In his last diary submission, printed on 14 March 1906, the reader can sense the emotion, pride and gratitude of Stead and his team mates. ‘In conclusion, as a team we feel that from now onward we cease to exist; friendships have sprung up in our travels that will be lifelong, and the many incidents and good-natured banter which have been part of our life will be constantly in the sweet thoughts of memory, and I think I may say that the 1905 team, the account of whose travels it has been a pleasure to me to record to you in these columns, has been a credit to New Zealand from every point of view.’
Stead also co-authored one of the classics of rugby book publishing, The complete rugby footballer on the New Zealand system, with Captain Dave Gallaher. It was completed within a very short timeframe but over 322 pages Stead and Gallaher managed to trace the development of rugby in New Zealand. Through text, photographs and diagrams they covered captaincy, coaching, tactics, equipment, training and how they prepared for the tour.
Here at Hocken we hold two copies of The complete rugby footballer on the New Zealand system – one in the published collection and one with Stead’s papers. We also hold two compilations of his columns from the Southland Times – With the New Zealand footballers: [excerpts from the columns of the Southland Times concerning the New Zealand Rugby Tour of Great Britain, 1905-1906] and Billy’s trip home: the remarkable diary of an All Black on tour.
Due to the success of this tour, the fascination with New Zealand’s triumph and the embodiment of the New Zealand spirit in players such as Stead, rugby became a national passion and obsession throughout New Zealand. For the first time, rugby was entering the realm of literature, widespread newspaper coverage and pictorial representation. As a result, the Originals were projected into popular culture and to this day, New Zealander’s still draw upon this legendary tour as the beginning of our nation’s reputation as unbeatable in the rugby arena.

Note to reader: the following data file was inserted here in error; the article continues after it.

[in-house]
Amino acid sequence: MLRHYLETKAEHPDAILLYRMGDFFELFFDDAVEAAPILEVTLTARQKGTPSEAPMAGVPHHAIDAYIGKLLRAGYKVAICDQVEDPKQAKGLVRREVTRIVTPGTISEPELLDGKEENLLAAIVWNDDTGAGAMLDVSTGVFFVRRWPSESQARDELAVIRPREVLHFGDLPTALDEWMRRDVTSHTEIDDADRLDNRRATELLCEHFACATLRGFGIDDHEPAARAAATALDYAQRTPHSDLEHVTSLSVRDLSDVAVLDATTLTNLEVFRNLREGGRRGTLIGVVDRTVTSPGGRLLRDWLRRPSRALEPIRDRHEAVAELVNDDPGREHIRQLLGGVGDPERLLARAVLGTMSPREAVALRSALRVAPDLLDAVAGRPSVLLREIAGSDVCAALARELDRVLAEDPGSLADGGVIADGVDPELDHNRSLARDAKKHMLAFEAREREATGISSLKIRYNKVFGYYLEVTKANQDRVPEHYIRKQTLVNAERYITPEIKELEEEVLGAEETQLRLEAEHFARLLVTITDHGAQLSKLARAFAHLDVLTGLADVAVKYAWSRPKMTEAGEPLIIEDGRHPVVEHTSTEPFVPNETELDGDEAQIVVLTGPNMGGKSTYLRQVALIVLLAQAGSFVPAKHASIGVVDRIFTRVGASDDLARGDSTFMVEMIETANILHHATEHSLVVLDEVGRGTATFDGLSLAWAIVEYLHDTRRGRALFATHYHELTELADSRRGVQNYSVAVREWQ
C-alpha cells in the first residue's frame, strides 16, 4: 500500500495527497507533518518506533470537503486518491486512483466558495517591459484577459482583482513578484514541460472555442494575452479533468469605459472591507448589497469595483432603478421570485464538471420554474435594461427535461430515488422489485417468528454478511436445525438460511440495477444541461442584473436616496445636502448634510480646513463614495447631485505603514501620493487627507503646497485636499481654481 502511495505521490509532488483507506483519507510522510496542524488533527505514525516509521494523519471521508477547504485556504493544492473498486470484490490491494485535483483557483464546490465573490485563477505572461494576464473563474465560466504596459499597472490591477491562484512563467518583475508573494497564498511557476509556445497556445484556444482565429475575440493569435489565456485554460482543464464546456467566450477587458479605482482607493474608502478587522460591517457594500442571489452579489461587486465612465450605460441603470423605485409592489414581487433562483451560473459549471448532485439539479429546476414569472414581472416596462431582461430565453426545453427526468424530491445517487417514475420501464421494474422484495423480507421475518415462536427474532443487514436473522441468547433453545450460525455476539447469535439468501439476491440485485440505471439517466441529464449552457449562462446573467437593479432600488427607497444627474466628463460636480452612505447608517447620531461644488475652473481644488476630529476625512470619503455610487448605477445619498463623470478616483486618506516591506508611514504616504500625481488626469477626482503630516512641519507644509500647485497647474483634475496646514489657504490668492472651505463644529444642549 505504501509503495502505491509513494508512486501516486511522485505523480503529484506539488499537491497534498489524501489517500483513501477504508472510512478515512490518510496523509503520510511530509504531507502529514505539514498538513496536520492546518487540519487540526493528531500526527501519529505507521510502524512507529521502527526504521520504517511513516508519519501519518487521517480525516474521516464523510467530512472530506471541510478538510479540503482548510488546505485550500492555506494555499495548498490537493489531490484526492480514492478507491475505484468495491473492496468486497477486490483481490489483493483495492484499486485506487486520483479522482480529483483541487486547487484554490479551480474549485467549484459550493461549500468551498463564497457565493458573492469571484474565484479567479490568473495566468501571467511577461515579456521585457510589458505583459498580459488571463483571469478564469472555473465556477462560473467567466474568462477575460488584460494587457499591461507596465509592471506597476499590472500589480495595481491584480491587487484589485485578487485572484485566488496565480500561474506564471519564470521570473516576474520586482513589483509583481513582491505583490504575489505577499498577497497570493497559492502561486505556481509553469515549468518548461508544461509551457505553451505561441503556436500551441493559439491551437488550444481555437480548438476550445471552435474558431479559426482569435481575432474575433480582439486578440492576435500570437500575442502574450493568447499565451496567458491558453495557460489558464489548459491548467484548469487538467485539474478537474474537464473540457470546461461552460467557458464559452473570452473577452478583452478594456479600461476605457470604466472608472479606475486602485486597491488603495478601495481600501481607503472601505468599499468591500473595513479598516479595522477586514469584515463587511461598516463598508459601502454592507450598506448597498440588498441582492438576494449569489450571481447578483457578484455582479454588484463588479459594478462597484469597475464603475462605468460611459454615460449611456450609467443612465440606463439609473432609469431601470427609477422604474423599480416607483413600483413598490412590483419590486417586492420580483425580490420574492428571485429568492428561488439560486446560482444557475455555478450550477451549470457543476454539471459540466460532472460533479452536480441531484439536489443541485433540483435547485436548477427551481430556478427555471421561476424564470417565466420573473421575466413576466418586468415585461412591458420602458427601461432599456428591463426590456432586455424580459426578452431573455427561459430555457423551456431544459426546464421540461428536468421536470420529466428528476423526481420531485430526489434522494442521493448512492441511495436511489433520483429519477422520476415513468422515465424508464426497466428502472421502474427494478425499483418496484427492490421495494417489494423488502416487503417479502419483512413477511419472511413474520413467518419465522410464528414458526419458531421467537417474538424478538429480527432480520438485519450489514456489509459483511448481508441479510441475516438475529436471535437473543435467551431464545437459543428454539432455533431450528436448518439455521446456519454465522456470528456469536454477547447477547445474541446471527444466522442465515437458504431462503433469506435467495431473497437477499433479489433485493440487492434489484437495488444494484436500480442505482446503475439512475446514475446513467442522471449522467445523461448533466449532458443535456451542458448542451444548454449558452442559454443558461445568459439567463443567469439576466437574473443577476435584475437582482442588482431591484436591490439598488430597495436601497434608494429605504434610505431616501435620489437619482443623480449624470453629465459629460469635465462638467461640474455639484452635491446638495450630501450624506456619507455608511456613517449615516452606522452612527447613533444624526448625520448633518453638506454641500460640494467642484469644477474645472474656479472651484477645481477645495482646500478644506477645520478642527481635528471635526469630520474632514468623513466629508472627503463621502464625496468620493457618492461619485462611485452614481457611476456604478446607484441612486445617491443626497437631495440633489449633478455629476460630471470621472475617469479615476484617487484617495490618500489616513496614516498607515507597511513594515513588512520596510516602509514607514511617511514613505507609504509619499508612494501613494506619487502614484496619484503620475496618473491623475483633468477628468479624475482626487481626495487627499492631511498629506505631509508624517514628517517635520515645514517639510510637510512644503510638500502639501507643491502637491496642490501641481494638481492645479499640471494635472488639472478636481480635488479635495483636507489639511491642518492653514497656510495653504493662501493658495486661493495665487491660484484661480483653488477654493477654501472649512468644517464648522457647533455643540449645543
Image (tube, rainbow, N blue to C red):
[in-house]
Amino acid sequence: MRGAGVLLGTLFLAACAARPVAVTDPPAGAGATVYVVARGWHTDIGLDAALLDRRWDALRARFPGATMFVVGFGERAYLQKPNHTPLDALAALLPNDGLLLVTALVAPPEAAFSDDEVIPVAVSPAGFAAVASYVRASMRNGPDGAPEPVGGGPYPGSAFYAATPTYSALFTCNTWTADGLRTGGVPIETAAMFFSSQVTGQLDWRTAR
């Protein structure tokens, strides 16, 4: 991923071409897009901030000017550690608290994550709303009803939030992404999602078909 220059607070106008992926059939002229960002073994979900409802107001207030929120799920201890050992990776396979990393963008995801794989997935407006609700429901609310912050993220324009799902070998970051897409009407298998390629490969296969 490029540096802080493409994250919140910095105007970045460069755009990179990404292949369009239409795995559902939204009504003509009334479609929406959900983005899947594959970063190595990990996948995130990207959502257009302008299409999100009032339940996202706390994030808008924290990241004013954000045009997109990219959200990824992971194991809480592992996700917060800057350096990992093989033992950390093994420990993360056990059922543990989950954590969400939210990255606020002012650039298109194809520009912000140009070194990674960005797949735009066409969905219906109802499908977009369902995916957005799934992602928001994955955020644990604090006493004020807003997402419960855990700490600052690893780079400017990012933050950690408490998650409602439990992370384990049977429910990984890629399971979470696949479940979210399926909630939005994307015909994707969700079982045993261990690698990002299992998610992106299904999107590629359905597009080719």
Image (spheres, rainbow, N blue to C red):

If you are interested in finding out more about this legendary tour the Hocken publications collection holds a large amount of material pertaining to it and our ephemera collection contains many programmes for All Black matches that continue to reference the Originals’ success years later. We are also home to an additional set of scrapbooks (SER-09625) complied by another All Black, Jack McNab, covering the period 1948-1966 which continue this illustration of All Black supremacy through newspaper clippings and cartoons.
The ongoing tradition of international rugby tours can be celebrated this weekend when the All Blacks take on England. At a time when travel is swift and sporting results are communicated around the world instantly, perhaps we can try to imagine how different the experience was for the Originals and for fans back home in 1905.
 Thomson, Jane. Southern People: A Dictionary of Otago Southland Biography. Dunedin, N.Z: Longacre Press in association with the Dunedin City Council, 1998.
 Stead, W. J. Billy’s trip home: the remarkable diary of an All Black on tour. Dunedin N.Z.: New Zealand Sports Hall of Fame, 2005.
 Howitt, Bob and Dianne Haworth. 1905 Originals: the remarkable story of the team that went away as the Colonials and came back as the All Blacks. Auckland, N.Z.: HarperSports, 2005.
 Ryan, Greg. 1905, legend and legacy. Christchurch, N.Z.: Canterbury History Foundation, 2005.
 Tobin, Christopher. The original All Blacks: 1905-06. Auckland, N.Z.: Hodder Moa Beckett, 2005.